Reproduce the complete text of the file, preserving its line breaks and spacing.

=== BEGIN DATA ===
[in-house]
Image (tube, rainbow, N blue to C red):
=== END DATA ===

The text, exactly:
[in-house]
Image (tube, rainbow, N blue to C red):